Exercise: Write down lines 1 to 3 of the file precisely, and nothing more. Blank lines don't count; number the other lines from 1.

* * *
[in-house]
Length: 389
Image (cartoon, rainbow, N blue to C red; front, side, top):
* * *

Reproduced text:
[in-house]
Length: 389
Image (cartoon, rainbow, N blue to C red; front, side, top):